I have never played an entry in one of my all time favorite video game series, Dragon Quest, until recently. After seeing the massive success of the series in the west, and hearing from players that it has a character similar to the protagonist in Dragon Quest: Rocket Slime, I had to give it a chance. My expectations were about as low as Breath of the Wild for the latest game on the Nintendo Switch. Those expectations were completely met as Dragon Quest XI S: Echoes of Elusive Age - Definitive Edition single handedly invents a genre, questions it, counters the norm, and redefines it, all within the first 30 minute cutscene.
In case you’re in the top 1% who have never played a Dragon Quest game, I’ll explain the core gameplay. Rich exploration is featured throughout the vast land of Erdrea, which contains collectibles, items, and monsters that you have to defeat through turn based combat. To do so, you press up and down on the controller.
You may be overwhelmed right now, but that’s not even half of it! During the battles that start right where you encounter monsters in the overworld, you can use the control stick to run around your team and monsters to look awesome, like the guy in the anime with his arms behind his back. This running mechanic even translates into exploration, allowing you to avoid monster encounters, eliminating any needless gameplay or XP gains.
There’s even a lot of quality of life features to make the game be over faster. Different speed options and auto-play ensure that anyone can move onto a new game in no time.
What can I say? It’s Dragon Quest, which we have all played before.
From the very beginning I knew that Dragon Quest XI would feature a story like nothing else. Right off the bat, you meet the boy, a dog, and a girl. Together they discover that the boy is the chosen one and may or may not be the one that saves the world. In order to avoid spoiling the best plot ever written, I will let you discover that he is indeed the Luminary of Legend for yourself.
Joking aside, the cast featured within is objectively the best set of characters in any video game. Everyone has a distinct personality, development, and gameplay style that made me fall in love with each of them and pushed me to want to use each character in every battle just to witness their charm. But that’s enough about Fire Emblem: Three Houses. The characters in Dragon Quest XI are kinda cool, but I’m pretty sure the game is on PS4 and I’ve never played PlayStation All-Stars, so I don’t fully understand the appeal. Some guy named Sylvando, a circus performing NPC, is the overall highlight, which unfortunately distracts from the grandpa who knows martial arts.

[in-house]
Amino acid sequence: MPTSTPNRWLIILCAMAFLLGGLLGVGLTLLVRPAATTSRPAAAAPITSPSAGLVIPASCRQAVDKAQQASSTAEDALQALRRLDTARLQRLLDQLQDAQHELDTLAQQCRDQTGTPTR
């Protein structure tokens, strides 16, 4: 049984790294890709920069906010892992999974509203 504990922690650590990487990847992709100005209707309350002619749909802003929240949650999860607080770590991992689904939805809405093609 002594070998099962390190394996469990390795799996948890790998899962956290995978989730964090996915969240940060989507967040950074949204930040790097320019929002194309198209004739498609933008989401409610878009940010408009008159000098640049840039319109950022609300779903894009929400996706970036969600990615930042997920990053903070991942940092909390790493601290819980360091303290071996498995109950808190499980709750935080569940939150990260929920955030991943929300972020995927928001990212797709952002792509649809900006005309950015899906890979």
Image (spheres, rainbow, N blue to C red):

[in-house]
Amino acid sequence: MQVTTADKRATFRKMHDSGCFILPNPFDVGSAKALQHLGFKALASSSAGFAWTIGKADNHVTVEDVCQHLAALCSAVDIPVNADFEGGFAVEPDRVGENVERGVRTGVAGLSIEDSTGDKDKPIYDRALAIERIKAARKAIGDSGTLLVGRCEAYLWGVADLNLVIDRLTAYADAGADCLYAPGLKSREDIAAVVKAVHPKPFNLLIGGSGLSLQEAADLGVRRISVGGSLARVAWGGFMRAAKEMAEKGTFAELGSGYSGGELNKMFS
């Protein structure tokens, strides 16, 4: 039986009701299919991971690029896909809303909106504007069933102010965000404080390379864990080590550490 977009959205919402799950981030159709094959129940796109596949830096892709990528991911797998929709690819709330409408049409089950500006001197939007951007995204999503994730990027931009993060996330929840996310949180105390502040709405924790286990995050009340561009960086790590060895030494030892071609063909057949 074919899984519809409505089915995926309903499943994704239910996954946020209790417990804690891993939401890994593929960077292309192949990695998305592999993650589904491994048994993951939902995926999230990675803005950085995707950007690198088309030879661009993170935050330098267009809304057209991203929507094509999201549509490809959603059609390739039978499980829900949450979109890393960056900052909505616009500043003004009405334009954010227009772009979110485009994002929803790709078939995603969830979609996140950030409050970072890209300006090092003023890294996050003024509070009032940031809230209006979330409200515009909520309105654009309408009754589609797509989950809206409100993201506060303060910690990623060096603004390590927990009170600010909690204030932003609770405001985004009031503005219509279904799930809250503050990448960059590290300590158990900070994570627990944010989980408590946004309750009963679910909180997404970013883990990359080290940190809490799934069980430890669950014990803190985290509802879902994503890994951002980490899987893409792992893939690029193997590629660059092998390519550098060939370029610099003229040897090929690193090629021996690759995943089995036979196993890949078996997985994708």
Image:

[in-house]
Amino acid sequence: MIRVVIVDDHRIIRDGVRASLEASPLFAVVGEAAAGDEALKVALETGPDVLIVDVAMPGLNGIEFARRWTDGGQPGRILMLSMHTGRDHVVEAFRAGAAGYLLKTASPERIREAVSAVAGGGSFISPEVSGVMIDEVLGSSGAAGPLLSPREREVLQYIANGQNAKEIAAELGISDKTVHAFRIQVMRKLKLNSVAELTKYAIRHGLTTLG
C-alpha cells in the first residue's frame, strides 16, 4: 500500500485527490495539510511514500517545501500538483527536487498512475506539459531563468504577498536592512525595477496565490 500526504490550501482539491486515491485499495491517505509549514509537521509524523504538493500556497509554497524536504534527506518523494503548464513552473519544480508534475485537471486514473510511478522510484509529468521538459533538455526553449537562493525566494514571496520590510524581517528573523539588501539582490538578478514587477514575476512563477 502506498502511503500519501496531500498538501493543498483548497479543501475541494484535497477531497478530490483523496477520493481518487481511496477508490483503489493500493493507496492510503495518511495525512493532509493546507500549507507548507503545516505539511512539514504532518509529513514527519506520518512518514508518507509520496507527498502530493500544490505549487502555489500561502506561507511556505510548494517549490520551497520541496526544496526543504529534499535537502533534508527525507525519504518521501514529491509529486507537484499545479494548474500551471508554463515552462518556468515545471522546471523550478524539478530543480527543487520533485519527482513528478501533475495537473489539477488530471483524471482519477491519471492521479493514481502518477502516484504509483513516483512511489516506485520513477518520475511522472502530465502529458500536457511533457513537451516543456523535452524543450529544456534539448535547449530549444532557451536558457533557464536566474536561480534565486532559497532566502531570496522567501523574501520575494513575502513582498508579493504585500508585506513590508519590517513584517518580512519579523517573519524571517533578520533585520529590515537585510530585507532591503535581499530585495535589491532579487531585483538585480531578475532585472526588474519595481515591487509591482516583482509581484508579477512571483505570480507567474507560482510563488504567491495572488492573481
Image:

At this point, you might be thinking, “Wow, it seems like the Switch has another great game that makes its library even better.” But stop that. This is a port of a PS4 game. That stands for PlayStation 4. It is not a Nintendo exclusive, and however impressively done the graphics and incredible orchestrated soundtrack are, it does not contribute to making the Switch better than everything else--quite unfortunately. Unlike other versions of Dragon Quest XI, the Definitive Edition features music that is fully orchestrated. This really breaks immersion because I cannot see the instruments being played, so it feels made up, like the game is making fun of me for having ears. Luckily you can switch back to the digitally rendered tracks and move on with your day.